This week’s Creative Lent post is themed around ‘rest’. But it’s incomplete. There have been so many different threads that have linked into the theme and whilst they all connect and make sense individually, I’ve found it difficult to focus in on just one of them.

So I decided to stop fighting this whirlwind of thoughts, and just give you a flavour of each. I hope and trust that at least one of them will resonate with you!

So to begin with: let’s start with daily rest. Or rather- the lack of it. I’ve been reading some intriguing and affirming books lately about time, rest and the importance of getting a better balance in our lives. One is called Sabbath as Resistance by Walter Bruggemann which my sister-in-law Sarah sent me. Another was given to me by Steve Frampton, Principal at Portsmouth College, entitled Too Fast To Think by Chris Lewis. Although written from different starting points, they both concur in their conclusions and findings.

Bruggemann is looking from a theologian’s point of view at the traditional Jewish sabbath. He quickly points out the contrast between Yahweh (traditional Jewish word for God) and Pharaoh’s systems. When the Jewish people were in Egypt, they outnumbered the Egyptians considerably, and over time became enslaved to the Egyptians state (this was just before Moses arrived on the scene and the lead-up to the famous plagues of Egypt and parting of the Red Sea). Pharaoh’s system is based on surplus:

“What the slaves are to produce is more bricks that are to be used for the building of more ‘supply cities’ in which Pharoah can store his endless supply of material wealth in the form of grain. Because the system was designed to produce more and more surplus, there is always more need for storage units that in turn generate more need for bricks with which to construct them…in the narrative… Pharaoh is a hard-nosed production manager for whom production schedules are inexhaustible.”

Bruggemann goes on to point out that there is no sabbath rest in this system. “There is no rest for Pharaoh in his supervisory capacity…no rest for his supervisors or taskmasters…no rest for the slaves…We may imagine, moreover that the ‘Egyptian gods’ also never rested…for the glory of Pharaoh surely redounded to the glory of the ‘Egyptian gods’…In that context all levels of social power…are uniformly caught up in and committed to the grind of endless production.”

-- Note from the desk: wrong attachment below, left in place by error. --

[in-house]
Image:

Spring blossom, taken at St Mary’s cemetery

However, Yahweh comes from a very different starting point and “at the taproot of this divine commitment to *relationship* (covenant) rather than *commodity* (bricks) is the capacity and willingness of this God to rest…That divine rest on the seventh day of creation has made clear (a) that Yahweh is not a workaholic, (b) that Yahweh is not anxious about the full-functioning of creation and (c) that the wellbeing of creation does not depend on endless work.”

Take a minute to absorb that idea.

The wellbeing of creation – of our lives even, does not depend on endless work.

And yet how many of us look around our homes, our workplaces and our to-do lists with an exhausted and almost futile sense that we’ll ‘never get it all done’? Here’s an intriguing thought for you: what if it doesn’t all have to get done.

What if some of it could be left knowingly unfinished?

You might need to have a little lie-down at this point.

Enter stage left Chris Lewis, whose starting point on this same journey, originates in the business world. In his book he has spoken with and listened to a number of different people from a range of backgrounds. Lewis observes:

“I see a world moving faster, but somehow making less progress. There is more communication, but less conversation. There is more information, but not more learning.” He comments that “we have created so many ways to interrupt ourselves” and that “every profession has suffered from a decreasing amount of time to really think about problems”. “The rush has forced us to process yesterday as if it were trash, and left us no time to recall, review and learn.”